Abu Dhabi’s Mubadala Investment Company plans to strongly invest in its core areas in the next two decades, and is currently in talks to buy the TV rights for a football league in Brazil, according to its managing director and group chief executive.
“We are zooming into the spaces where we know we have strength,” Khaldoon Al Mubarak told the Milken Institute Middle East and Africa summit in Abu Dhabi on Thursday.
“Strong infrastructure, be it ports or airports, fibre-optics, telecommunications, all of the above, is the kind of zones … that we will be heavily focusing on and investing in the next 20 years using our strengths,” Mr Al Mubarak said, adding that high-end manufacturing is another area of interest for the company.
Mubadala has invested billions of dollars in infrastructure, industry and telecoms in recent years.
Managing more than $284 billion in assets globally, Mubadala is continuing to invest in markets worldwide to boost its portfolio.
Last month, it forged an alliance with private equity firm KKR to co-invest across performing private credit opportunities in the Asia-Pacific region to address a shortage of capital and support the long-term growth plans of the businesses.
As part of the “strategic partnership”, Mubadala and KKR will invest at least $1 billion of long-term capital, providing credit solutions to companies and sponsors, both entities said at the time.
Last month Mubadala also signed a deal to acquire a minority stake in Sweden-based fibre and data company GlobalConnect as part of its expansion plans.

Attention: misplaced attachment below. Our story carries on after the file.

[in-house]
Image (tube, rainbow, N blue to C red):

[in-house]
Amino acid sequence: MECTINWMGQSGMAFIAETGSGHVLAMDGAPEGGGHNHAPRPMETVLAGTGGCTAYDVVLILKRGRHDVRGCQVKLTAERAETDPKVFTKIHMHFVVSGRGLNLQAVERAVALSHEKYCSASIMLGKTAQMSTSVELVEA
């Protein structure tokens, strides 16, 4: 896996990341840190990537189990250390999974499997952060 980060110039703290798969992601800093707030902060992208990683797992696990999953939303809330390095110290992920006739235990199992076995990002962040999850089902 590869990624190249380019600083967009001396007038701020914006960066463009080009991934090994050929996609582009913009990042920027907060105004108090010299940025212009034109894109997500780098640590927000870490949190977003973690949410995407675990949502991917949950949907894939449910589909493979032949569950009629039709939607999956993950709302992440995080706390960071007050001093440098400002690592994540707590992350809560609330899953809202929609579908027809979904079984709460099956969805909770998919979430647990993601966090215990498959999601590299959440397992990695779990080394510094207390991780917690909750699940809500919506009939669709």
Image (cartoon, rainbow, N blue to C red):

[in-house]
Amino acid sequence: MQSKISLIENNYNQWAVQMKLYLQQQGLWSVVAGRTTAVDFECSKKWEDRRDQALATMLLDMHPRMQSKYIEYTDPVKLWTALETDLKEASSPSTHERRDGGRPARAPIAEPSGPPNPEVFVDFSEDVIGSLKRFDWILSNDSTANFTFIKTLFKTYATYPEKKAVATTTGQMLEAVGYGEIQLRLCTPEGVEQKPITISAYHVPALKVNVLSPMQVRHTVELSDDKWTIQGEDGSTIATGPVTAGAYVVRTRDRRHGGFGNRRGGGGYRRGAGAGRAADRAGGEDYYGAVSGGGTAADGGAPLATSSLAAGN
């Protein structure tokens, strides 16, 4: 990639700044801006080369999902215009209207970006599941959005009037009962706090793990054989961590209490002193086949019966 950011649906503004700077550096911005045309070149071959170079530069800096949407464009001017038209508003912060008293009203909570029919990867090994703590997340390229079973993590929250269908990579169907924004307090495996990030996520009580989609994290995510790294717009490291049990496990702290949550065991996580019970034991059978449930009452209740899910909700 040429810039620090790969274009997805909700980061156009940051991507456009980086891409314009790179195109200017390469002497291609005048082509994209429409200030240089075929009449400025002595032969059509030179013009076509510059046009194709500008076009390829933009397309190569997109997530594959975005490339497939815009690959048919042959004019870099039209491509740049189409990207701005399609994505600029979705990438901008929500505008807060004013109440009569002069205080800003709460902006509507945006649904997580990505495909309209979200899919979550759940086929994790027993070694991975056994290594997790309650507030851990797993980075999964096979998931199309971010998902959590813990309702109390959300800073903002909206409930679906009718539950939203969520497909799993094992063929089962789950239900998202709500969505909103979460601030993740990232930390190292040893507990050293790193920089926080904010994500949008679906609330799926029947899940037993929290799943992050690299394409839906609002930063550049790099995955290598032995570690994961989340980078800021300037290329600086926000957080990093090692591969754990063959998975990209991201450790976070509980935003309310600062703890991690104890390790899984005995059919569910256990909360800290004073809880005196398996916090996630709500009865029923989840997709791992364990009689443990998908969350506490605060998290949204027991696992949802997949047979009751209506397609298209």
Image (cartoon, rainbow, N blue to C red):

Mubadala's other recent investments include the acquisition of German offshore wind farm developer Skyborn Renewables in partnership with other investors, including Global Infrastructure Partners. It also struck a deal to buy US-based snack food contract manufacturer TruFood, to boost its portfolio in the consumer and food services segment.
Mubadala Capital, the asset management subsidiary of Mubadala Investment Company, is “currently in the process” of buying TV rights for a football league in Brazil, Mr Al Mubarak said.
“I think there is a very clear upside story and a clear growth story, so hopefully, that will be a success,” he said on Thursday, without naming the football league it plans to buy in the South American country.
“I think that league is now going to be privatised. And with that, as we have seen all over the world, TV rights … once leagues get organised, privatised and then commercially reorganised, the upside that comes up on the TV rights is actually quite substantial,” Mr Al Mubarak said.
Mubadala has investments in Brazil in sectors including infrastructure and energy, Among others.
Last year, Mubadala bought a refinery and logistics assets from Brazil's state oil company Petrobras for $1.65 billion to expand its portfolio in the country.
“We understand the Brazilian market. We have invested in infrastructure, technology, real estate and industrial activity in Brazil, and we have done very, very well,” Mr Al Mubarak said.
The UAE is going to be a “major player” in the energy transition as the Arab world’s second-largest economy prepares to host Cop28 next year, he said.
The UAE “is an energy producer and I think we are not going to shy away from who we are. I think we're going to be proud of that,” Mr Al Mubarak said.
“But we [are] also going to be … very clearly forward-looking in terms of understanding that the energy transition is going to change … and we are going to be a major player in that transition and in that change, and we are going to play our part responsibly.”